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Advice: financial planning for after the lockdown and making sense of insolvency laws

31 March 2020 by
Advice: financial planning for after the lockdown and making sense of insolvency laws

The government is clearly helping to encourage operators' grit and determination to get through this, and it is pleasing to see so many business owners thinking outside the box and looking for every which way to survive until the lockdown is over. The government help takes the form of:

• the Job Retention Scheme;

• grants for businesses, now being administered by local authorities;

• business rates holidays for some;

• the coronavirus business interruption loan scheme; and

• the prohibition on landlords from evicting commercial tenants for non-payment of rent in the current quarter.

The government has also announced new insolvency and restructuring measures, to be introduced when the House of Commons opens again at the end of April.

These should provide businesses with the breathing space in order to come up with rescue plans and discuss these with creditors and banks without fear of them making knee-jerk reactions and taking aggressive action. The court would also prevent such action.

The government is relaxing the wrongful trading laws, which could be another worry for hard-pressed directors. This change would mean that directors could not be pursued personally for incurring further debts (such as accruing rent or business rates) while their business is mothballed for the duration of the lockdown.

A number of commentators have said that sound and healthy businesses should not fail during this period. There are signs that some companies with weak business models before the crisis are having to throw in the towel, but the government is clearly taking extraordinary measures to help businesses to survive.

It is really difficult to know what the future holds. We all have to look into our crystal balls to try and understand what the business landscape will look like when the lockdown is finished. Will everyone celebrate in our restaurants and hotels? How quickly will the events that have been cancelled be rescheduled and booked? How much disposable income will the UK population have?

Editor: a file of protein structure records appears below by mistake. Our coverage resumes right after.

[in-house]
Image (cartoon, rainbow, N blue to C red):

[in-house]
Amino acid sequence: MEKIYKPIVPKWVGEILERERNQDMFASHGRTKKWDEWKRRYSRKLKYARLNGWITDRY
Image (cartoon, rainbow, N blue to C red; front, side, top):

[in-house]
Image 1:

Being an accountant, I know the value of financial projections. It is not everyone's strength or cup of tea, but they really do help to show what your business might look like after the lockdown.

Most businesses will come out of this with more debt than they went in, and that debt has to be paid back out of future profits. The debt also has to be paid back before owners can take dividends, and so it really makes sense to look at financial projections for the next 12 to 24 months and see what the lockdown means in financial terms.

Many businesses are talking to their banks about increasing their borrowing, and some of those discussions will eventually involve the scheme to provide government-backed business interruption loans.

The government grant to refund furloughed wages is incredibly generous. However, employers also need to be aware of factors such as the accrued holiday furloughed employees will accumulate. This will represent a further liability for businesses and which needs to be funded over the course of the next two years.

There are some financial modelling tools or spreadsheets which are available online and accountants also have modelling tools which they can help with. It is really important that the financial modelling tool used is "integrated", meaning that the cashflow projection should be linked to a profit and loss projection and the balance sheet projection. This allows the business to see:

• what working capital and borrowing requirement it has for the next trading period;

• what profit can be earned now and in the future, and what loss may be suffered during the period of the lockdown; and

• what debt is going to sit on the balance sheet and will need to be repaid.

It is so important to understand these three elements for business planning purposes. No business owner wishes to take on so much debt that they will have to work for the next two to three years simply to pay off debt arising from the crisis.

I really hope that our hospitality businesses can spring back to life as soon as the lockdown is over and that business owners will prosper. Financial modelling is one of the key ways to make sure you have a healthy business for the future.

Andrew Tate is a partner and head of restructuring at accountant Kreston Reeves

andrew.tate@krestonreeves.co.uk

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